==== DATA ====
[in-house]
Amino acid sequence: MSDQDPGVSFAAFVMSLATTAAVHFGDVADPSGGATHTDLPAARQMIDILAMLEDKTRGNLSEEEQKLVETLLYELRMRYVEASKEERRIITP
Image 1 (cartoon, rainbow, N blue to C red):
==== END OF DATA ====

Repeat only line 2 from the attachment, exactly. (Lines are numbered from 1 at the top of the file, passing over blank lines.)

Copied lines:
Amino acid sequence: MSDQDPGVSFAAFVMSLATTAAVHFGDVADPSGGATHTDLPAARQMIDILAMLEDKTRGNLSEEEQKLVETLLYELRMRYVEASKEERRIITP